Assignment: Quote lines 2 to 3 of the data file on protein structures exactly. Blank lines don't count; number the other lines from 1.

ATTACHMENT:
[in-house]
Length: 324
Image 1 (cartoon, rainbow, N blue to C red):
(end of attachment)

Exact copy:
Length: 324
Image 1 (cartoon, rainbow, N blue to C red):